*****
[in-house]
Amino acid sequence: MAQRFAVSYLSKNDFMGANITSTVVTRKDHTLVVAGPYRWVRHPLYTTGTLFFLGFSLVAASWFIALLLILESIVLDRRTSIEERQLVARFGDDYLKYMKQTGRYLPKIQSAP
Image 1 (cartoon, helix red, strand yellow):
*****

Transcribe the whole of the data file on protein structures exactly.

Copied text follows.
[in-house]
Amino acid sequence: MAQRFAVSYLSKNDFMGANITSTVVTRKDHTLVVAGPYRWVRHPLYTTGTLFFLGFSLVAASWFIALLLILESIVLDRRTSIEERQLVARFGDDYLKYMKQTGRYLPKIQSAP
Image 1 (cartoon, helix red, strand yellow):